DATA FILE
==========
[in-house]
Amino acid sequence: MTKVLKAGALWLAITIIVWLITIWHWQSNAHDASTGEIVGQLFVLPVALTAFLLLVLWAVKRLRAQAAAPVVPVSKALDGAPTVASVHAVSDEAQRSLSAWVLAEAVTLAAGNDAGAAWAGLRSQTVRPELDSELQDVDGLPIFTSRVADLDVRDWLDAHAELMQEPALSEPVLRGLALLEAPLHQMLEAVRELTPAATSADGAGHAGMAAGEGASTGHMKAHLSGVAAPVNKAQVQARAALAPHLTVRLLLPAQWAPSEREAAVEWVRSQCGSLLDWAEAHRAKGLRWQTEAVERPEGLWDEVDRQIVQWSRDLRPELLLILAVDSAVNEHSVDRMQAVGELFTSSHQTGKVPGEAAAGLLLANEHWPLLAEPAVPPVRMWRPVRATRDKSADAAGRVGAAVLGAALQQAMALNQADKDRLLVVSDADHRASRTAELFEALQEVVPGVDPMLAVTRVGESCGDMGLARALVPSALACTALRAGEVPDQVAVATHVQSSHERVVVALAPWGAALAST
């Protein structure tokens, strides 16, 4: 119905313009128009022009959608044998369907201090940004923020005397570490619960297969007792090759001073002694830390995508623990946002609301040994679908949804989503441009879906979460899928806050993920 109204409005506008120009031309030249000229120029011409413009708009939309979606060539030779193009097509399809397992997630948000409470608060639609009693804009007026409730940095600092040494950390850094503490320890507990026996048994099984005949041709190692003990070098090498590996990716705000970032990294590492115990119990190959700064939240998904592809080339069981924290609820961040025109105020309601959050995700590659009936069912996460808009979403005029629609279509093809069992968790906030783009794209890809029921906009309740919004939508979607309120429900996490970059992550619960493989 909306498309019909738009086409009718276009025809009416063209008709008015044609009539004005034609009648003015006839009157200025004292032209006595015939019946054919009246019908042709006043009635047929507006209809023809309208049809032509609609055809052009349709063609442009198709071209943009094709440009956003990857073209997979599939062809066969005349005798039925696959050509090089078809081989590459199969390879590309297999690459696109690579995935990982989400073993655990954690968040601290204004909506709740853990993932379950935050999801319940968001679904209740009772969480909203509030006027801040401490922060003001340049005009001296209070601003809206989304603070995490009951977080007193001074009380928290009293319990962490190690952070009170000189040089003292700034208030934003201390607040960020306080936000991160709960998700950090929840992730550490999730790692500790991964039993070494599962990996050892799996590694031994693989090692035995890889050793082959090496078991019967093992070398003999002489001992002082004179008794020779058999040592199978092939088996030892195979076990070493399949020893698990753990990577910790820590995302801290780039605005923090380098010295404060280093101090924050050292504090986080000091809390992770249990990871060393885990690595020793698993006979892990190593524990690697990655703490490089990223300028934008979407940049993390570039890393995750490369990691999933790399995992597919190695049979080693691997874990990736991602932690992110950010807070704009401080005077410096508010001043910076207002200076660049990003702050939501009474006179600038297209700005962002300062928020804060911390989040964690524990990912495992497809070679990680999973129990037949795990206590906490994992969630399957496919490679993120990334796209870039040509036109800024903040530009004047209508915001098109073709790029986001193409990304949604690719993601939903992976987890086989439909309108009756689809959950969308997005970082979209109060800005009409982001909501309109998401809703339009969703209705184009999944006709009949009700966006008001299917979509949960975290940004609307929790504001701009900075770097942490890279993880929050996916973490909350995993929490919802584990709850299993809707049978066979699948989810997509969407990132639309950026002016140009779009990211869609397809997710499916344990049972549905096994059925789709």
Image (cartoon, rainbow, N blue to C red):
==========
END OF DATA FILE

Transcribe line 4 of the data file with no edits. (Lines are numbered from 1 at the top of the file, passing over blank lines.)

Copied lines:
Image (cartoon, rainbow, N blue to C red):